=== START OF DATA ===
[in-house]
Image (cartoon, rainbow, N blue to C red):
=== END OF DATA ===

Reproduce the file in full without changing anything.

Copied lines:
[in-house]
Image (cartoon, rainbow, N blue to C red):